It was inevitable. The New South Wales solar gold rush is over with the NSW Government suspending the current gross feed-in tariff scheme after it was sold out five years earlier than originally planned.
What needs to happen now is pressure on the government to come up from the other end of the buying spectrum and uncap the feed tariff to cover any amount of energy production and not a limit of 10KW as is the current limit.
This will set commercial farm development on fire and drive solar installation off the roof and onto farms across the state.
The NSW Government is very sensitive on this issue, and if the solar industry calls for reform of the wholesale power market whereby the utilities have to buy all green power at the 15-20 cent KWh level — then that would be the best outcome possible.
The other reform is to allow power coops to be formed via pooled investments that allow solar farms to be developed all over the state in sizes from 50KW-1MW and above. With a timeshare style investment over the Internet used to scoop up all that guilt money in the inner cities.
NSW Labor is extremely keen for a Green preference deal and this is the sort of move that could bed that down. As such the NSW Government has a lot of self interest to be leveraged by the industry.
The NSW Libs will say anything to avoid the issue and will simply spend the next four years selling off the power stations and energy retailers. And the last thing they will do is load them up with low-margin compulsory green power purchasing at the 15-20 cent per KWh level.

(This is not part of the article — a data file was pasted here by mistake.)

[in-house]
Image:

The hard truth for the solar industry, the Greens and NSW unions is that the only argument for having a gross feed in tariff above the retail price is to encourage energy savings in the home by giving the home owner skin in the game and therefore a financial reason to bother turning modern low-watt lights off. Thirty cents a KWh is a compromise level for a feed in tariff that could be sold to the government if there is any real heat generated over the issue. Which I doubt there will be beyond the industry and Greens.
The hard reality of rising electricity prices is too hard for any government to ignore and the cost of this scheme was never sustainable above a certain point, and directly highlights the cost of so called direct action. Take note Mr Abbott.
With that all said, I was only saying to my wife this week we should get some more solar … before the scheme is killed. I guess we’ll just have to make do with our current 1.5KW system and the zero bill it generates for us and not actually a credit (profit) on our electricity bill.
But seriously, there is a silver lining in this move if the local industry can articulate to government a bigger vision that goes to the heart of the problem for the renewable energy industry — namely wholesale power purchase agreements that pay real money for the power produced and not the pennies they are currently paying.
A situation that only favours the big power producers and does nothing for fostering a jobs-rich renewable energy industry — based on real numbers and not the tiny amounts home-based systems can supply. And despite what some would have you believe, it does not take a carbon price for this to occur. We can clean up the renewable power market separately from the carbon price issue — if the industry would look beyond the easy money that comes from home owners feeding at another middle-class welfare bucket.
*Simon Mansfield is the publisher of SolarDaily.com